Financial Management |
Article by Phil Tahey, independent consultant, and Ron Salluzzo, Attain, LLC
From the July/August 2020 Net Assets magazine
The following is not an uncommon scenario in higher education — is it the case at your school?
Members of the school’s board of trustees are committed and willing to help the institution in any way they can. Yet despite being leaders of their own companies or organizations in various industries, even members of the finance committee may struggle to comprehend the unique fundamentals of nonprofit educational finance and do not always fully understand the numbers presented to them at board meetings. Finance committee meetings, held only three or four times annually, address topics that are not critical to the institution. Committee members received plenty of data but little context or analysis.
By Phil Tahey and Ron Salluzzo
Foreword by John Gulla
Each chapter includes
Seeing an opportunity to elevate boards’ strategic discussions and decisions regarding schools’ fiscal health, we have partnered with NBOA and authored “Effective Financial Governance for Independent School Trustees.” This follows a similar volume we wrote in 2018 for smaller private colleges, which often struggle financially and need effective oversight. After working with NBOA and NAIS for about four years on the Composite Financial Index to help school leaders make long-term strategic decisions about their financial future, we have now developed a finance primer for independent school trustees. This publication was reviewed by a dozen leaders in independent school governance and finance to ensure it addresses the top issues faced by boards today.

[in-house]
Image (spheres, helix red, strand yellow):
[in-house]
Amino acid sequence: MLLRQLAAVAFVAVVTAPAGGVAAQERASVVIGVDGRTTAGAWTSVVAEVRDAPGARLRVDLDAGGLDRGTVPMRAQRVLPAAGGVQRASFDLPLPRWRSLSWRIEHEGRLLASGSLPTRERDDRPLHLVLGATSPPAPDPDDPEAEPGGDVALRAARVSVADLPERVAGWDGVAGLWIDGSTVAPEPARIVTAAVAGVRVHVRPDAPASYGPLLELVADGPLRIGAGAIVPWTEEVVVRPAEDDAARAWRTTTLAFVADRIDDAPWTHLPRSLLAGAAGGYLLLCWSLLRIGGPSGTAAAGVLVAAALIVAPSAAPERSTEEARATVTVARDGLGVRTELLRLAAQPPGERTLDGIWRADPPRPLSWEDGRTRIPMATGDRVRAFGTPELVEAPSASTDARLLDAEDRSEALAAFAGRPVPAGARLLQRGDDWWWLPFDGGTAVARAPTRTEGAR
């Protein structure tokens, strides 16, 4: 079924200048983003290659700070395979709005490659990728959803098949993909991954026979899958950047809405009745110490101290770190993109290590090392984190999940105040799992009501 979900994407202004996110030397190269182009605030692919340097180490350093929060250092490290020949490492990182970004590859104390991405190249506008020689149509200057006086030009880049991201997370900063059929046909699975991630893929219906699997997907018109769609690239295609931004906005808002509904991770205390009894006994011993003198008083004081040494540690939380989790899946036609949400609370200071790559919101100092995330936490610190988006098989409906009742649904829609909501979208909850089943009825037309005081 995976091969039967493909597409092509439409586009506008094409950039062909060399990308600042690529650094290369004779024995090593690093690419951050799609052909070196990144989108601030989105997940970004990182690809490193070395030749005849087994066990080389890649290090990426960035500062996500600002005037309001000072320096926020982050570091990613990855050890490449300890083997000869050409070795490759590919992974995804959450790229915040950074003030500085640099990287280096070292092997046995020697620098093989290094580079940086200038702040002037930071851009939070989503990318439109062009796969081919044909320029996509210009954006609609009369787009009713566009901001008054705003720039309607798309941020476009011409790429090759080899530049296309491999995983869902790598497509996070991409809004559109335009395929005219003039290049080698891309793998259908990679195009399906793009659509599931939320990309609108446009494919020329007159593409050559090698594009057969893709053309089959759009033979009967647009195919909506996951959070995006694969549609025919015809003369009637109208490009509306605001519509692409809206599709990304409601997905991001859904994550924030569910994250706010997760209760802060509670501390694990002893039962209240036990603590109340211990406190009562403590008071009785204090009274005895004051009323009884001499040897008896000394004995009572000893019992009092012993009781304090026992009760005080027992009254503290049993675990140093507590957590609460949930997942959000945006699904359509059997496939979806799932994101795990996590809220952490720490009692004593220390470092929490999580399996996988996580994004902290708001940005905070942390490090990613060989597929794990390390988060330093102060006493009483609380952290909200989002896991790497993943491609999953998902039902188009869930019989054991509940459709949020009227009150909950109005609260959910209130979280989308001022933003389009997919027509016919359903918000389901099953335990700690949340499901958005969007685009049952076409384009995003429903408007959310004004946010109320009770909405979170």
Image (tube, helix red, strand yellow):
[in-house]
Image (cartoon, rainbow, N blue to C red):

The book aims to help boards and finance committees understand the business model of a nonprofit K–12 independent school and enhance comprehension of their stewardship requirements. The book not only provides background knowledge but outlines questions for trustees, particularly those serving on financially-charged committees, to ask the school’s finance management team. It also references NBOA tools and resources to help both school management and the board ensure the financial health of their schools in perpetuity.
All board members, whether they are on the finance committee or not, are responsible for sound financial governance at their schools. This fiduciary responsibility is statutory, as defined in federal and state not-for-profit statutes and regulations. Beyond that, financially literate boards govern more effectively. We firmly believe that finances are either an enabler or an inhibitor of the school’s strategies, goals and action that are needed to attain the school’s mission and vision.
Purchase at nboa.org/books.
Process and Content
Download a PDF of this article.
Projections: A Truly New School Year (September 2020)
Practical Guidance During Unprecedented Times (April 2020)
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